Monday, July 30, 2007

tagged by the research goddess

I’ve been tagged by Amybeth Hale (The research goddess) at

As Dan Sweet from fracat said "She’d like me to tell eight things about myself that you probably didn’t know. These are also things that you might not have wanted to know, but the “Tag Receiver Code” commits me to comply."

1. Post these rules before you give the facts.
2. List 8 random facts about yourself.
3. At the end of your post, choose (tag) 8 people and list their names (linking to them)
4. Leave them a comment on their blog letting them know they’ve been tagged!

Eight Random Facts About Me:
1. I love drawing and painting portraits. I received the gift from my grandfather who made his living painting and then selling his works in public parks and high traffic places across Mexico. If we ever get to chat you might twist my arm into showing you my sketch book.

2. I have been Sourcing/recruiting for over thirteen years with the last four in sourcing management, but I’ve only been authoring on my blog only since April 2007 (After being encouraged by the recruiting Animal himself, Thanks Michael).

3. I began my sourcing career raiding companies. I would be assigned a target company and would be tasked with making a minimum of two hundred twenty five (yes! 225) calls a day. I was often reminded that the day that I didn’t reach my goal I would not need to return to work the following day as I would be fired.

4. While I attended High School (W.B. Ray High School in Corpus Christi, TX) I ran my own business buying dresses wholesale and sold them canvassing the neighborhood. Yes! I was a door to door salesman at the age of fifteen. I learned a lot about how to read people and how to close the deal.

5. I also have a firm faith in God and a strong commitment to lead a life that cultivates every one of my faculties in such a way as best represent the Kingdom of Heaven in every thing I do.

6. After high school I worked as a longshoreman unloading the bananas as the arrived to Port Hueneme, CA from Central America. It was physically a very demanding job which gave me a hearty appetite.

7. I am 43 years old, I am divorced, I have one son 14 who is my best friend. I was married for 14 years but unfortunately we couldn’t keep it together. I’ve now been divorced over four years going on five now.

8. Besides English I speak Spanish and Portuguese fluently. I can also read Italian and French ( I can’t speak Italian nor French)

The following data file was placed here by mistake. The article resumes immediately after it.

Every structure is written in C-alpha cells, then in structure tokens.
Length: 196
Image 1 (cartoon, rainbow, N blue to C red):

The people I am tagging to continue this chain of revealment are:
1.Amy Garner of Wine Talent
2.Alize Cortez of Improved Experience.
3.Trey Bettinger of not jobs
4.Michael Keleman of The Recruiting Animal
5.David Perry Gerrilla Job Hunting
6.Josh Khan of The Sourcing Riff
7.Rithesh Nair of Research Secrets
8.Dave Mendoza of Six Degrees from Dave

Some of these people I have had the pleasure of meeting, others I just exchanged emails or calls with and some I would just plainly like to know, but all are people I admire!

I look forward to their 8 Things...

Sunday, July 29, 2007

Inhibited Sourcing Innovation

It has been a while since I have been able to see and think and write. I finally carved out some time and now I was thinking about how to accelerate strategic sourcing excellence. In today's corporate world sourcing needs are reaching a critical state, so the question rises, how do we deliver an intuitive and integrated solution for managing the complete strategic sourcing lifecycle to deliver results?

Yes there are a lot of great tools available but one of the reasons why these tools may fail is that as we tend to get impressed by the many bells and whistles offered that we may be failing to match the tool to the skills our sourcers/recruiters possess. Without realizing it, we may be inhibiting innovation and collaboration, by placing too much trust in naively hoping that the tool will deliver optimal results.

Let me explain. I love tools. I cannot walk into a Lowe’s or Home depot without buying a new tool. I have long ago found that tools for me are like stamps to a collector. I have them and admire them (the right tool for the right job; I always say) but many weekend projects have turned into disasters to be passed on to a professional. I know what the tools are supposed to do but somehow that knowledge transfers into danger in my hands. I am just not mechanically inclined.

We acquire new sourcing tools and techniques and we introduce them indiscriminately to the team and expect all to use them and learn to be effective at them not recognizing peoples limits. Long ago I read (and I can’t remember the source to credit appropriately), that we have two types of recruiters, (and I apply it to researchers/sourcers as well) hunters and farmers. A farmer cultivates the databases and job boards and is knowledgeable on how to exploit the weaknesses of those tools. On the other hand a hunter is one who thrives on the thrill of the hunt and goes after candidates that are not in databases.

When we give hunting tools to a farmer he feels lost and confused and even though he may grow to work the hunting tools appropriately it may take some time. As in real life hunting requires more than having the right rifle and clothes and equipment, you must acquire knowledge of hunting strategies and such…

So what am I saying, not everyone can be a farmer (nor should everyone be) and not everyone can be a hunter either there are certainly needs for each skill set. Let’s evaluate the sourcing skills and attitudes and match them to the tools. As we expand the performance of sourcers in all aspects of their roles we need to identify the organizational capabilities needed to achieve strategic sourcing excellence only then can we refashion sourcing strategies to achieve superior bottom-line results.